Affected People

Impasses and Controversies of Hydroelectricity

Monday, February 19, 2007
Article by Célio Bermann in the journal of the Institute for Advanced Studies of the University of São Paulo

Brazilian Dams

Tucuruí Dam, Brazilian Amazon
Xingu Encounter 2008 - May 19-23 About the Encounter Blog Image Gallery Video Introduction (Al Jazeera) Brazil is one of the world’s leading dam–building nations, and is already highly dependent on hydropower for its electricity, with about 80% of its electrical energy coming from large dams. Despite recent initiatives to diversify the country’s sources of electrical energy generation, energy planners and industries are pressing for a major expansion of hydroelectricity in Brazil, saying it is cruci

Letter to Industrial and Commercial Bank of China regarding to Gibe 3 project

Monday, June 1, 2015
Mr. Jiang Jianqing Chairman and Executive Director, ICBC No.55 FuXingMenNei Street, Xicheng District Beijing 100140, China May 13 2015 Concerns regarding ICBC involvement in Gibe 3 Hydropower Project (Ethiopia) Dear Mr. Jiang Jianqing, International Rivers is an international environmental organization, which works to protect rivers and the communities that depend on them. On behalf of the organization, we would like to again express our concern about the Gibe 3 Hydropower project in Ethiopia, and share with you some information and briefing from our organization regarding the social and

Greed and Resistance in Sarawak’s Rainforest

Will dams flood out Sarawak's indigenous cultures?
A corrupt clique is turning Sarawak's rainforest into a monoculture of oil palms and reservoirs. A new book documents the greed, the corruption and the resistance by indigenous peoples.

Nam Theun 2 Affected Villagers Put Illusions of the ‘Model Project’ in Doubt

Women living downstream report they get severe rashes when using the highly turbid river water for household needs, and that they can no longer rely on riverbank gardening because of the fluctuations of the river levels.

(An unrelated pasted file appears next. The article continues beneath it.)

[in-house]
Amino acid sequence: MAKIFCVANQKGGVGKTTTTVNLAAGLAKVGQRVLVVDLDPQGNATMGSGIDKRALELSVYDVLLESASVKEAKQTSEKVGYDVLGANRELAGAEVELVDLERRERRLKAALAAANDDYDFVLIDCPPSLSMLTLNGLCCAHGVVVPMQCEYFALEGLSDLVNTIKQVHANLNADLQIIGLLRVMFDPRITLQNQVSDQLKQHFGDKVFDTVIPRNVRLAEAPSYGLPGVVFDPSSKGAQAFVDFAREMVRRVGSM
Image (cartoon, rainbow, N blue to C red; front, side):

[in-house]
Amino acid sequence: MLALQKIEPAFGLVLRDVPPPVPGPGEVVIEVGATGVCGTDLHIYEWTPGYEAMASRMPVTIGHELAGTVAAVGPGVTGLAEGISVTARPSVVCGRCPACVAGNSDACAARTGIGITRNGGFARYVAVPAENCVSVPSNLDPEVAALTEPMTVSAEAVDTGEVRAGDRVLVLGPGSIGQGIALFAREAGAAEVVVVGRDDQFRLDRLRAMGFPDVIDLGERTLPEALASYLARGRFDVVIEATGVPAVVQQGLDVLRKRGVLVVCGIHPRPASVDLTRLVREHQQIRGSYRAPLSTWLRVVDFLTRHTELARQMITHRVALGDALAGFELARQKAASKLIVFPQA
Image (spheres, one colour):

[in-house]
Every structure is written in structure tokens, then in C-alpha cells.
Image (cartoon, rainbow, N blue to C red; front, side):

The 1,070 MW Nam Theun 2 Dam in central Laos has attained a legendary but highly contested reputation. In recent weeks, I travelled to the site to speak with villagers to find out their assessment of the situation.

International Organizations Call on THPC to Commit to Independent Monitoring

Saturday, August 24, 2013
The following letter was sent to the Theun Hinboun Power Company from organizations based in Australia, France, Norway, the Netherlands and the USA calling for the formation of an independent monitoring body in compliance with guidelines outlined by the World Commission on Dams. August 23rd, 2013 Robert Allen Jr. General Manager Theun-Hinboun Power Company Ltd. P.O. Box 3382 Vientiane, Lao PDR Re: Formation of the Panel of Experts for the Theun Hinboun Expansion Project Dear Mr. Allen, We are writing to follow up on the question of the formation of the panel of experts for the Theun Hinboun

Congo’s Energy Divide Factsheet

© Greenpeace / Kate Davidson
Sunday, June 9, 2013
HYDROPOWER FOR MINES AND EXPORT, NOT THE POORThe Democratic Republic of Congo (DRC) has been ‘rebuilding’ its power grid as part of the war-torn country’s reconstruction since 2003. Despite the millions of dollars of donor funding put into this, today only 9% of Congo’s 70 million people have access to electricity – about 30% in urban areas and an alarming 1% in rural areas. Lack of access to modern electricity services impairs the health, education and income-generating potential of millions of Congolese people. The Congolese government set a highly aggressive target to provide 60%

Sirindhorn Dam Affected Communities Still Seeking Justice and Compensation

At the main entrance to Sirindhorn Dam, a protest banner denounces a proposed nuclear power station, claiming it will further destroy livelihoods of local dam-affected people.
In northeastern Thailand's Isaan region, close to the border with Laos, lies the Sirindhorn Dam, which is operated by Electricity Generating Authority of Thailand (EGAT). While the dam itself is relatively small - only 42m high with an installed capacity of just 36 MW - the area of water impounded in the reservoir is vast, covering 280 km2. At the time it was constructed over four decades ago, this project required the resettlement of 1,365 households. The reservoir flooded ten schools and eight temples, and 6,880 ha of farmland was permanently lost. The affected families from dozens of small


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